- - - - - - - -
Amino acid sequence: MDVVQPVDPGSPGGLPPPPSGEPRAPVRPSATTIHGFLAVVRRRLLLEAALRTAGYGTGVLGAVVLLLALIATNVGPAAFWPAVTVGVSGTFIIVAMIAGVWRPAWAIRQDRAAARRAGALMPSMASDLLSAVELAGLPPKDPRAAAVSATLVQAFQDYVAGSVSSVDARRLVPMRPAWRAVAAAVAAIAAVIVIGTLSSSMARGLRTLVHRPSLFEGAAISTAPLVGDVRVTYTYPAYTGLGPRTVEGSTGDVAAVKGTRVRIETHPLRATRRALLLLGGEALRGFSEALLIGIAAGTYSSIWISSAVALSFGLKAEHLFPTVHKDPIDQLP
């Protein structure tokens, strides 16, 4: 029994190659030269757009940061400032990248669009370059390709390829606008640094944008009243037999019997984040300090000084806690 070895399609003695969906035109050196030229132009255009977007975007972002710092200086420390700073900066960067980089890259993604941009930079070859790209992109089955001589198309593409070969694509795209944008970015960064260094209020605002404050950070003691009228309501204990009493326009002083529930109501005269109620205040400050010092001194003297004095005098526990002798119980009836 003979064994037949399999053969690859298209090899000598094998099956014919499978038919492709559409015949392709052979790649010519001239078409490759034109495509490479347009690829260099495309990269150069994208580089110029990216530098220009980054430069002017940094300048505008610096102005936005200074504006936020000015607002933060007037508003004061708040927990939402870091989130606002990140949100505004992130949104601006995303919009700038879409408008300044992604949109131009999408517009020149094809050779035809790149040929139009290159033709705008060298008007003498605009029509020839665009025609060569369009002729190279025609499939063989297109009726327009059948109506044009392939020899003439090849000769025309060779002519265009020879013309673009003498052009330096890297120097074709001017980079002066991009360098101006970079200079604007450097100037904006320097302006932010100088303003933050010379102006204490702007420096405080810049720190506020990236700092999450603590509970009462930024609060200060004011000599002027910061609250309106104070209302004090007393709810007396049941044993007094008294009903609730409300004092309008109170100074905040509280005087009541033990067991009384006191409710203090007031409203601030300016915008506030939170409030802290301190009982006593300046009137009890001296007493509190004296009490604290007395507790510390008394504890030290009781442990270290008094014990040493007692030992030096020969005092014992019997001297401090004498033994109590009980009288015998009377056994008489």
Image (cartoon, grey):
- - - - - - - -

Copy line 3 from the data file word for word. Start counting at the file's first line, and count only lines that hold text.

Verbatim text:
Image (cartoon, grey):